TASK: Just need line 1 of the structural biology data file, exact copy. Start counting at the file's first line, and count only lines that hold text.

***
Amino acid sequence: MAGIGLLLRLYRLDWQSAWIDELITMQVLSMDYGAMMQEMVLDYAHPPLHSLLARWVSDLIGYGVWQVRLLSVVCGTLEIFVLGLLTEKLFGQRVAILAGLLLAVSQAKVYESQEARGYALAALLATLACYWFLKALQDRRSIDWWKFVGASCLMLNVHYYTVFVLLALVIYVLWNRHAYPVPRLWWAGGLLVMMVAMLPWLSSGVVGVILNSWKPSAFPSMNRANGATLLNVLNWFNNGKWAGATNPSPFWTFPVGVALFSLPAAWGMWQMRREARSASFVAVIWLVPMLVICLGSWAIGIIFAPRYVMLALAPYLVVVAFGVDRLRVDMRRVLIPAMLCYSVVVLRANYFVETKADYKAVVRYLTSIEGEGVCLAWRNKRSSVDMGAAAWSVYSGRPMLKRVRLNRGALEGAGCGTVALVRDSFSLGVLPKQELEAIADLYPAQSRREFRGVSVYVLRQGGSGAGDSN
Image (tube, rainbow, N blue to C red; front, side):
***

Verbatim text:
Amino acid sequence: MAGIGLLLRLYRLDWQSAWIDELITMQVLSMDYGAMMQEMVLDYAHPPLHSLLARWVSDLIGYGVWQVRLLSVVCGTLEIFVLGLLTEKLFGQRVAILAGLLLAVSQAKVYESQEARGYALAALLATLACYWFLKALQDRRSIDWWKFVGASCLMLNVHYYTVFVLLALVIYVLWNRHAYPVPRLWWAGGLLVMMVAMLPWLSSGVVGVILNSWKPSAFPSMNRANGATLLNVLNWFNNGKWAGATNPSPFWTFPVGVALFSLPAAWGMWQMRREARSASFVAVIWLVPMLVICLGSWAIGIIFAPRYVMLALAPYLVVVAFGVDRLRVDMRRVLIPAMLCYSVVVLRANYFVETKADYKAVVRYLTSIEGEGVCLAWRNKRSSVDMGAAAWSVYSGRPMLKRVRLNRGALEGAGCGTVALVRDSFSLGVLPKQELEAIADLYPAQSRREFRGVSVYVLRQGGSGAGDSN